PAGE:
In conclusion, fish antibiotics in recent times have filled in seamlessly for its human equivalent. Consequently, it appears to be an essential for your survival kit, although like I mentioned in the guide, requires confirmation from some qualified medical personnel which of course is important to avoid drug abuse related issues. So, I will advise that you get one before buying a can of fish antibiotics.

About the Author

Demi is the Founder of outdoorsdoc.com. She loves to share everything about enjoying and surviving the outdoors. If you love the outdoors, you will find interesting and informational articles on her blog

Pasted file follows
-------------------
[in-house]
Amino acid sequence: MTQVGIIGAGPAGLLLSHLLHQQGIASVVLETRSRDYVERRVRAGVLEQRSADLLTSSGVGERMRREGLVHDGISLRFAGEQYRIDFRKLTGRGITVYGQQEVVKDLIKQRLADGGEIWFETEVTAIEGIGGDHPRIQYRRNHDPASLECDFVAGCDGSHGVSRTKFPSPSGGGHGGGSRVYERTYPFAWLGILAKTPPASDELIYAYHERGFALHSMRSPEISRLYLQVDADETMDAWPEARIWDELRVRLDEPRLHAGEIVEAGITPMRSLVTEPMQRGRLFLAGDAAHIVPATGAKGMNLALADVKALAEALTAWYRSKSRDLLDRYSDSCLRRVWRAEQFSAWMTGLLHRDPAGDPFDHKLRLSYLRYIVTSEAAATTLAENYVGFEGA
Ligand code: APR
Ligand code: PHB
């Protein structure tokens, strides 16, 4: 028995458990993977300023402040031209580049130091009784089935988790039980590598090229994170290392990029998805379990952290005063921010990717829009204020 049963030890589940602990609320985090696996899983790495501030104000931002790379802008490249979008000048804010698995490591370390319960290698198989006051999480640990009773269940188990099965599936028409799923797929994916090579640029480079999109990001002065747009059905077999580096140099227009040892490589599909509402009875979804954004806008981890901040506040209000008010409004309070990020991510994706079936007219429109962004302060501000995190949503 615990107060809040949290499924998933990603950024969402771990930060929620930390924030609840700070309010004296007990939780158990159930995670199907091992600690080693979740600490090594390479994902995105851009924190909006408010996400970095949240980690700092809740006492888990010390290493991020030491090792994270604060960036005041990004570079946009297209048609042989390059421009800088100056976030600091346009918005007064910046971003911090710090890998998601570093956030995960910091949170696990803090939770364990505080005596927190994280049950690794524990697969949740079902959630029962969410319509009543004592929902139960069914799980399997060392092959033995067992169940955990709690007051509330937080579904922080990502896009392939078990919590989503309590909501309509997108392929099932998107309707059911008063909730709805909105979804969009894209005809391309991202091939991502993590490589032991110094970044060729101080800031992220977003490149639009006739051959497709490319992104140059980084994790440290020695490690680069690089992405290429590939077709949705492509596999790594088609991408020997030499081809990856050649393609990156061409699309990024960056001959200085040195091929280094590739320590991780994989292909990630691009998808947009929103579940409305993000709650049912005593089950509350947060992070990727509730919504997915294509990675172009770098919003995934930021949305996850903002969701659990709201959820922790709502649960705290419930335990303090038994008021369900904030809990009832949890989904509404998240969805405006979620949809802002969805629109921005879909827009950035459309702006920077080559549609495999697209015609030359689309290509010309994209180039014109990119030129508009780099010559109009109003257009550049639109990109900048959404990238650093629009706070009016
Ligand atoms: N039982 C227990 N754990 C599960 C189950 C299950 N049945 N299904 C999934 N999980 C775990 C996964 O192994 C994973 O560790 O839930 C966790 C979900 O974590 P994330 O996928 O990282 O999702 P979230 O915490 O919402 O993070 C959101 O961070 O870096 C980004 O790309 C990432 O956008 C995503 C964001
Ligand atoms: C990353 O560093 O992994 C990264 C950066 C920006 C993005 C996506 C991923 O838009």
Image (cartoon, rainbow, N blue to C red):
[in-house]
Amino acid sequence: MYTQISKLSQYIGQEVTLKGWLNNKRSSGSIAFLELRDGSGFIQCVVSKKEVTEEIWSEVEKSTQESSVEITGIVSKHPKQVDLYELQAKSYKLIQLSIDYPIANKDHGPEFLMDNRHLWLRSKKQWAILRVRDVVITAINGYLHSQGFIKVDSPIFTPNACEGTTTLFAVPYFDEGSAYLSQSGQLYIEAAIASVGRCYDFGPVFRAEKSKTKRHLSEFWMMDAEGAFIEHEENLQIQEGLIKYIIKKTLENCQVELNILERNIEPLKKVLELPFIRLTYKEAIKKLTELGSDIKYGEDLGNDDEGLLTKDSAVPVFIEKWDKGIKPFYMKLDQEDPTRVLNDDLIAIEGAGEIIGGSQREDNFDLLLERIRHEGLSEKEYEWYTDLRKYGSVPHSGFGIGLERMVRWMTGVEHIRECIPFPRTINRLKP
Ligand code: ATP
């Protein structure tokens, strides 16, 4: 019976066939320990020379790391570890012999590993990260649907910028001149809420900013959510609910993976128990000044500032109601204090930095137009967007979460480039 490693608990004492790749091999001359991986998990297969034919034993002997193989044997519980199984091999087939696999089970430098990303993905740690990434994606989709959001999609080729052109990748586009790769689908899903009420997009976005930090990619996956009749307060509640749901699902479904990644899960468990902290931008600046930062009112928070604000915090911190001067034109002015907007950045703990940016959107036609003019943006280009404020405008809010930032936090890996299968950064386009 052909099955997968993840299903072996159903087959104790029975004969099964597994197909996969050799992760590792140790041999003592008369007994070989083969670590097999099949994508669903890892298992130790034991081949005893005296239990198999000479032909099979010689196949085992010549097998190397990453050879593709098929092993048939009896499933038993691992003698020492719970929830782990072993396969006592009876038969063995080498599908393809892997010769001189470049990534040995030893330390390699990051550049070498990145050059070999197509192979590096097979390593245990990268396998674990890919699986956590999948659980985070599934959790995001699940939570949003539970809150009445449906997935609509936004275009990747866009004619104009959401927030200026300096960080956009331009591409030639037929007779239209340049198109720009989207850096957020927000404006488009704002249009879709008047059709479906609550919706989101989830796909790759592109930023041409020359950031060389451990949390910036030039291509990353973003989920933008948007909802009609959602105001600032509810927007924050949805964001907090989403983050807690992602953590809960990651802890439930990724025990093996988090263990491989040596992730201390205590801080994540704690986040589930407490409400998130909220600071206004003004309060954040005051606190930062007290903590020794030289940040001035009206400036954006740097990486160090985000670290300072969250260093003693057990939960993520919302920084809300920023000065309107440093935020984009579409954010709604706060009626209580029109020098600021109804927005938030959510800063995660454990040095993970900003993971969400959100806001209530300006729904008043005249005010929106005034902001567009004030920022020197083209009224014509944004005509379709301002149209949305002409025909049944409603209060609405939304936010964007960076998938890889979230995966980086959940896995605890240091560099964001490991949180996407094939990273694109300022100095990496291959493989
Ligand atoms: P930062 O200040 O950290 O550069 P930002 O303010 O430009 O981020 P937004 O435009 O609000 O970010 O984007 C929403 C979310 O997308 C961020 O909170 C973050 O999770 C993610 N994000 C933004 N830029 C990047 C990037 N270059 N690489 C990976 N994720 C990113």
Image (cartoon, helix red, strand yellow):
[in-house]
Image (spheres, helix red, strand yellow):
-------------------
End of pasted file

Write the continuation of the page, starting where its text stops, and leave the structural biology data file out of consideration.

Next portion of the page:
Source Articles for her post:

http://www.happypreppers.com/fishantibiotics.html

https://www.antibioticsforsurvival.com/

http://thesurvivaldoctor.com/2015/07/21/fish-antibiotics-for-humans/

https://www.thebugoutbagguide.com/fish-antibiotics-for-humans/

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6 Comments on "Fish Antibiotics as a Prepper Alternative?"

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Swampy
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As I mentioned in an article I wrote on my Blog, in many cases these are the exact same pills. They are made by the same pharmaceutical companies and sold to pharmacies and pet shops alike. http://www.roguesurvivor.com/having-antibiotics-for-an-emergency-situation/

Barbara Schexnayder